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China Clean Energy to Build Second Biodiesel Plant

15 December 2006

China Clean Energy Inc. (CCE), a producer of biodiesel fuel and green specialty chemical products in China, plans to build a new biodiesel plant that will expand its production capacity by an additional 100,000 tonnes (30 million gallons US) per year.

In 2005, biodiesel production in China totaled between 100,000 and 200,000 tonnes, according to estimates by the US Department of Agriculture. (Ethanol production in 2005 was approximately 920,000 tonnes, with a production capacity of 1,020,000 tonnes.)

China’s policy objectives are to produce 12 million tonnes of biofuels—including ethanol and biodiesel—annually by 2020, resulting in biofuels meeting 15% of the nation’s consumption of transportation fuel.

CCE expects to break ground on the new biodiesel facility within the next six to nine months. The expansion is in two phases, each of 50,000 tonnes (15 million gallons US).

The first phase will require approximately a $9 million investment (including $2.5 million for land usage rights) and will increase the company’s biodiesel production capacity by approximately 50,000 tons per year. The second phase will require an additional $6 million investment and will increase biodiesel production capacity approximately by an additional 50,000 tonnes per year.

The company expects the first and second phases of construction to be the first and second phases of construction to be completed by the first half of 2008 and end of 2008, respectively.

China Clean Energy has signed long-term agreements with major processors from Indonesia and Malaysia to supply palm oil leavings (waste) as raw materials for the new facility.

The new factory site is approximately 50 miles from Fuzhou, the Capital City of Fujian Province, and 15 miles from China Clean Energy’s existing facility at the Longtian Industrial Park of Fuqing. The new Industrial Park is equipped with a deep-sea harbor capable of 300,000 ton cargo ships, a container port, and railroad to be connected to the PRC’s national railroad network by 2008.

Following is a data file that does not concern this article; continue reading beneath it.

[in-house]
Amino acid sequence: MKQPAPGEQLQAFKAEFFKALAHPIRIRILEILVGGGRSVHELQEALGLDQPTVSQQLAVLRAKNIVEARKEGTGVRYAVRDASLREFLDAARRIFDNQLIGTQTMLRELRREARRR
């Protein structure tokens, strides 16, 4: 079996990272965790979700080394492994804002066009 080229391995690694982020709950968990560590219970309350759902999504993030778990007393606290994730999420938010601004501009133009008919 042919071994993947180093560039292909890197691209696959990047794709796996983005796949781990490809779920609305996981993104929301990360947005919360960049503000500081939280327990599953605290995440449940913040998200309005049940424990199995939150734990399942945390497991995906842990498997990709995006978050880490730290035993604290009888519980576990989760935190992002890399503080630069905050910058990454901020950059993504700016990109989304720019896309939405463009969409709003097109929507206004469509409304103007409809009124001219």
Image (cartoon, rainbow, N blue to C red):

CCE’s first plant currently has annualized capacity of 4,800 tonnes (or approximately 1.4 million gallons US) for biodiesel fuel and 15,000 tonnes for specialty chemicals. The company is expanding the capacity of the plant’s annualized biodiesel fuel production to 10,000 tonnes (or approximately 3.0 million gallons US) expected to be in place by the first quarter of 2007.

China Clean Energy, through its wholly-owned subsidiary, Fujian Zhongde Technology Co., Ltd, develops, manufactures and distributes biodiesel and specialty chemical products made from renewable resources. The company has developed a proprietary process for refining biodiesel fuel from waste grease and certain vegetable oils. Using this proprietary process, the China Clean Energy began producing biodiesel in 2005 and commenced selling biodiesel commercially starting in December 2005.

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December 15, 2006 in Biodiesel, China | Permalink | Comments (5) | TrackBack (0)

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Comments

I don't get why there is so much more ethanol being made then there is bio-diesel, to me biodiesel has a lot more promis for a environmentally friendly way of replacing oil.

Ethanol was an early response to the '70's oil crisis (gasohol) and became somewhat established as an additive and substitute. Biodiesel, especially for its safety in handling and ease of use in current vehicles, makes the most sense for the near future.

Perhaps food versus fuel. Soy used for biodiesel is food. Biomass cellulose is not and can be made into ethanol or diesel using gasification.

I think it boils down to money...as with most things. Diesel engines are more expensive to make. and most people are cheap by nature...very few look to the long term. But in the end most people are going to have to do what people have always done...and walked from point A to point B. most people in China have Bicycles and its a proven urban transportation that works for a very large number of people.

SJC,
In the PRC, you are correct. They do import alot of their soy from the Americas. In the US, most of the soy we grow goes to animal feed/silage, oil (for processed foods), or other non-direct domestic human food uses.
_Another thing is they use grain (wheat, corn) for ethanol production. There is a transition currently uderway to move away from grains, towards other corps/waste biomass, as raw amterial for alcohol.


Brad,
Think of the population of mainland China. They also need the edible oil from various sorces for cooking and cleaning (soap, detergent, etc.). Ethyl alcohol has many industrial/medical applications. Additionally, alcoholic beverages numbers are sometines included in these figures.

http://www.worldwatch.org/node/3919

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